Color matching techniques use models to translate colors between devices while trying to maintain the perceived color appearance. For example, suppose that a user creates an image on a monitor. If she or he prints this image without any color matching, the color appearance of the printed image will differ significantly from that of the original. Using a color matching model, this change can be reduced to a perceptionally acceptable level.
Conventionally, two different types of models have been created to simulate printer operation. Empirical models essentially treat a printer as a black box having an image input and an image output. A large number of test color samples are printed. Each color sample which has been printed is then measured to determine that particular printer's response to that test sample input. Using the measured data, one can create a multi-dimensional lookup table which compensates the printer's response so that the electronic image input to the printer results in the desired printed image. However, using empirical models requires anywhere from about a thousand samples to many thousands of samples to provide an accurate lookup table. Accordingly, such a methodology is too complex to be performed by printer users and is usually only done at the factory for an entire production run of printers. Thus, this technique fails to provide users with the ability to create customized compensation values for various paper stock, inks, etc.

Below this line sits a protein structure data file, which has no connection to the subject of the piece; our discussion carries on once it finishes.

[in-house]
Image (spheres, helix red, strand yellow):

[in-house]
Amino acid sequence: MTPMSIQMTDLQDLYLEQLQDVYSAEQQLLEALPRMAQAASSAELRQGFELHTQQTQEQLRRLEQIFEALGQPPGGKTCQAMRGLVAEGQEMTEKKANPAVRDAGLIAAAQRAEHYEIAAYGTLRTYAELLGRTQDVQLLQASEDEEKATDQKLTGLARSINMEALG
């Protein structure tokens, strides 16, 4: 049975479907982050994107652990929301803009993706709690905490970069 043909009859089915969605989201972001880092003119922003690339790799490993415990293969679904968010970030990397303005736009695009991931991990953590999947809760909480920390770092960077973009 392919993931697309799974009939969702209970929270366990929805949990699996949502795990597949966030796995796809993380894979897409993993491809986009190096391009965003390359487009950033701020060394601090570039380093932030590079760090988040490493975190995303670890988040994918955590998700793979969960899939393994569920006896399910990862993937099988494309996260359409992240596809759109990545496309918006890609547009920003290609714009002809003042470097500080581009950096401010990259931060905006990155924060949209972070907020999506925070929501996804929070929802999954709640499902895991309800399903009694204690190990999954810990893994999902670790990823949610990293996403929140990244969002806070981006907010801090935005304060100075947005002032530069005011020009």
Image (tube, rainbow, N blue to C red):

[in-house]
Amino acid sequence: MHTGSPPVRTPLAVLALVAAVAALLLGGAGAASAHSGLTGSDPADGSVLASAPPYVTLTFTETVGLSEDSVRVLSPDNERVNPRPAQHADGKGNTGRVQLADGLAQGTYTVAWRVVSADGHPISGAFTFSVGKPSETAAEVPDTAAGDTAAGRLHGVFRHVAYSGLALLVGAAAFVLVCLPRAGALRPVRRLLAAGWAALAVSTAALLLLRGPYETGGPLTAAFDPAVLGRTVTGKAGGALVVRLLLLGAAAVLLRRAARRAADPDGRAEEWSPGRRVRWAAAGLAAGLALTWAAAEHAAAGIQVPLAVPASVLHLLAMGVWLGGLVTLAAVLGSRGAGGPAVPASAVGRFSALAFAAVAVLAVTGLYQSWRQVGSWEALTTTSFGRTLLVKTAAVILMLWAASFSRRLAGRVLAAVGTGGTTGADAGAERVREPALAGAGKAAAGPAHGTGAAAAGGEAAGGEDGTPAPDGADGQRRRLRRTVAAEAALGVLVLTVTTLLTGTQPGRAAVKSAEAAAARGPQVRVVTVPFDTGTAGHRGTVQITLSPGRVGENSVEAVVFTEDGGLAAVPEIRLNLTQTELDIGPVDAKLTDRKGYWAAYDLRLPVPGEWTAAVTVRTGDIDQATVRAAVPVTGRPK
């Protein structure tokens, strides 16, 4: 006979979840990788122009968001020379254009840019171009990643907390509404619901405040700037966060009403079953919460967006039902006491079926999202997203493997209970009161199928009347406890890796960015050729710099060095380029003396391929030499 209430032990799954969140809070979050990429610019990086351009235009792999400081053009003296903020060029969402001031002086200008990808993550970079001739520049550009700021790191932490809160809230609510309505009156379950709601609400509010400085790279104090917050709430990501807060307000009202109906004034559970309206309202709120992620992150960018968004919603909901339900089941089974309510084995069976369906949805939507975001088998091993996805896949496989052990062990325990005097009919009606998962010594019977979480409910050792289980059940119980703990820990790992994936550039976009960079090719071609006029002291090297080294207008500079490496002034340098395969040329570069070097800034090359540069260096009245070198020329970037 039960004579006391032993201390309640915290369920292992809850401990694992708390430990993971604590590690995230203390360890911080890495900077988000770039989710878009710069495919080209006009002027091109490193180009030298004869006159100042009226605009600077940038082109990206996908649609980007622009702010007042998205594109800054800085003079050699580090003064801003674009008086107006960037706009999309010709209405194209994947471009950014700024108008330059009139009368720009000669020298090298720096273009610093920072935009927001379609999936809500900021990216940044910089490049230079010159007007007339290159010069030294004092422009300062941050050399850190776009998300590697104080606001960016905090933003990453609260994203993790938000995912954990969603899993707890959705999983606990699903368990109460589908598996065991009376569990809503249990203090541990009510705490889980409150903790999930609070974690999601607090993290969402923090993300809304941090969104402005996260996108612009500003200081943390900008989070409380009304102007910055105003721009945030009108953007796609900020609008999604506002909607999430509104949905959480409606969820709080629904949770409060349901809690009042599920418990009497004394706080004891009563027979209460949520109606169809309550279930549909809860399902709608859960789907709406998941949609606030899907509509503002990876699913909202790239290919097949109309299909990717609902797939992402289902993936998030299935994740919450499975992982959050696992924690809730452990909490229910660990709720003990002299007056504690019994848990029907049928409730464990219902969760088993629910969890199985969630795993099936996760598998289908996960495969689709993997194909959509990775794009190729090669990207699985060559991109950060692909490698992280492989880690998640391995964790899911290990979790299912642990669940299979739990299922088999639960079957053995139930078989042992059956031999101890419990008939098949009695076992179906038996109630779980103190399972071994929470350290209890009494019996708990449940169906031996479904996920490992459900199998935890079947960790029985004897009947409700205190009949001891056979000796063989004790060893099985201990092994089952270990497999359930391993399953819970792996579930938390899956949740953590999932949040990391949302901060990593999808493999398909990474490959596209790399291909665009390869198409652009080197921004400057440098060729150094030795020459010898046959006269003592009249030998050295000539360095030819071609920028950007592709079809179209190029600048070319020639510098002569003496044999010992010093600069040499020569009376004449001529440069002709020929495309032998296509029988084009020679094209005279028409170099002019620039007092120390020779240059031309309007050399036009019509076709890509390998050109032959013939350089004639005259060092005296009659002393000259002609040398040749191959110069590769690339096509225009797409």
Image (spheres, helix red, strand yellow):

Analytical models, on the other hand, attempt to characterize printer response using the fewest number of measurements possible to arrive at functions which can be used to predict a printer's image output for a sufficient number of different image inputs. These types of models have been under development since the 1930's and historically have not been sufficiently accurate to provide perceptionally acceptable color correction. However, a more accurate analytical model has recently been developed and is disclosed in "Modeling the Color of Multi-Colored Half Tones" authored by J. A. Steven Viggiano in the 1990 proceedings of the Technical Association of the Graphic Arts. According to this analytical model, which is described in greater detail below, a printer can be accurately characterized using only, for example, sixty-one measurements. While analytical models provide a characterization of a printer based on many fewer measured test samples than are required for empirical models, the complexity of these models renders compensation calculations for each pixel of each input image too slow for runtime application.
Another way in which conventional systems have attempted to deal with the problems presented by the different responses of printers to the same color input is to provide a color detector inside the printer which can measure the printer's response by sensing the toners on the printer drum. However, this sensing function does not feed back information for further processing and, therefore, these conventional printers can only provide coarse tone reproduction characteristics and cannot correct for hue or colorfulness offset. Moreover, since these conventional printers read from the drum, they are unable to compensate for changes in reproduced color perception which occur due to different types of media and the ways in which the colorants interact with the paper.